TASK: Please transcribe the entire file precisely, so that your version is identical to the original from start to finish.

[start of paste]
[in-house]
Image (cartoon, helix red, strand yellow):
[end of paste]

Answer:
[in-house]
Image (cartoon, helix red, strand yellow):